- Court: Oregon Court of Appeals
- Area(s) of Law: Post-Conviction Relief
- Date Filed: 01-16-2013
- Case #: A135654
- Judge(s)/Court Below: Sercombe, J., for the Court; Ortega, P.J.; and Brewer, J.
- Full Text Opinion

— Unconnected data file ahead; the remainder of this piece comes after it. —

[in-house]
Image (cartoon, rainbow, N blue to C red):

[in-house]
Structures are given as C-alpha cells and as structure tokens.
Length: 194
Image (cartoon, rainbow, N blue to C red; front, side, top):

Holbrook appealed denial of his claim for post-conviction relief. In his claim for post-conviction relief, Holbrook alleged his trial counsel was constitutionally inadequate for failing to prepare and object to the prosecutor’s cross-examination questions during his second trial. After being convicted of one count of first-degree sexual abuse, Holbrook filed a complaint with the Oregon State Bar, claiming the prosecutor made improper statements to jurors from his first trial. The Bar brought action against the prosecutor and determined the statements were improper, but the Supreme Court reversed the decision. Holbrook claims it was error for the post-conviction court to exclude his trial counsel’s testimony from the Bar disciplinary proceeding on the ground that it was irrelevant because the Supreme Court reversed the decision. Under OEC 401, relevant evidence is any evidence having a tendency to make a fact more or less probable. The Court of Appeals held that testimony is not irrelevant merely because the Supreme Court reversed a decision of the Bar trial panel. The trial counsel’s testimony is relevant to demonstrate his knowledge of events and state of mind during the prosecutor’s cross-examination and the error was not harmless. Reversed and remanded.